Gockinga’s Bacchanal and an unknown portrait of Fritz Klein


Bacchanal by René Gockinga.

A guest post today by Sander Bink who generously translated his latest piece of research into the Dutch artists of the early 20th century who took the Beardsley style as a foundation for their own black-and-white delineations. As with this earlier post on the subject, many of these drawings are very good but the artists are less well-known than the Beardsley followers in other countries who were their contemporaries. Here’s Sander.

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Ladies and gentlemen, welcome to another episode of ‘Droomkunst’. This time we’ll discuss our cult hero Joseph René Gockinga who has a drawing exhibited at the Singer Museum Droomkunst exhibition. An obvious choice, because how often do you see his work—which I wrote about more in detail here—in a museum? Almost never. In 1976, two works by Gockinga were shown in the Kunstenaren der Idee exhibition but unfortunately I was only just born that year. The current locations of these works by the way is still unknown to me.


Salomé by René Gockinga.

One of them, however, Gockinga’s version of Salomé, resurfaced in 1995 but I don’t know the current location either. And the acclaimed Louis Couperus Museum last year showed an unknown Couperus illustration of Gockinga from a private collection (no, not mine). In Droomkunst now hangs a small but fine work in a similar style: the Bacchanal already mentioned here. The Droomkunst catalogue dates the work about 1915. I would dare to date is somewhat earlier, I think 1913.

In his opening speech Singer director de Lorm compared Gockinga’s Bacchanal with the work of Erwin Olaf because of the hedonistic, decadent parallels between the two works. If I remember correctly, de Lorm also talked about certain places preferred by these artists, in addition to the perverse, decadent, decayed Amsterdam also Indonesia and especially Java, which was known as a kind of international gay colony.

Now, our Gockinga has also dwelled there; I do not know exactly where and when, but—and this is information that surfaced after my earlier mentioned article was published—he lived in the late thirties in Bali for a while in the home of the renowned painter W.G. Hofker. And in a recent study Imagining Gay Paradise: Bali, Bangkok, Singapore and cyber-Singapore we read that Gockinga was one of the victims of a scandal; he was arrested because of his homosexuality in December 1938 in Denpasar. Here, the comparison with the 2000 generation of artists limp, which, after all, in Amsterdam and elsewhere were partying without having fears of being arrested for lewd behaviour.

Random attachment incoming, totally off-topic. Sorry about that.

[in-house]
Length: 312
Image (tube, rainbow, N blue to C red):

Fritz Klein by René Gockinga.

Where several generations of artists do come together is in the following, in our humble opinion a very nice item that was sent us last year. The majority of Gockinga’s Beardsley and the Nérée-like drawings from around 1917 are still unfortunately lost. Probably the “immoral” nature of his work is the main reason. So the item presented here is, as far as we know for the first time, is a new discovery.

It is a Beardsley-like portrait from 1917 or thereafter and it portrays none other than the painter Fred (Fritz) Klein (1898–1990), father of the famous and important Yves Klein.

Huh? What? How can that be? Well, that is of course very well possible. They were more or less contemporaries (Klein was born in 1898, Gockinga in 1893), were both born in the Dutch East Indies and were back in The Netherlands in 1913. They shared a great interest in art. In 1920, Klein moved to France, where he would make his sunny canvases that he became known for. Before that, he was apparently also in The Hague, where he visited his friend Gockinga. That friend has now made a special and somewhat decadent portrait of Klein: a kind of mythological half-man, surrounded by masks and, as I said, in a nice Beardsley-style. You could interpret the masks and the mix of male/female characteristics in a certain way but I leave that to the viewer. In any case, a special drawing can be added to the mysterious oeuvre of the Dutch Symbolist. Big thanks to the Klein relatives that allowed me to write about and portray it, of course.

Sander Bink

Previously on { feuilleton }
Antony Little’s echoes of Aubrey
Aubrey in LIFE
Beardsley reviewed
Aubrey Beardsley in The Studio
Ads for The Yellow Book
Beardsley and His Work
Further echoes of Aubrey
A Wilde Night
Echoes of Aubrey
After Beardsley by Chris James
Illustrating Poe #1: Aubrey Beardsley
Beardsley’s Rape of the Lock
The Savoy magazine
Beardsley at the V&A
Merely fanciful or grotesque
Aubrey Beardsley’s musical afterlife
Aubrey by John Selwyn Gilbert
“Weirdsley Daubery”: Beardsley and Punch
Alla Nazimova’s Salomé

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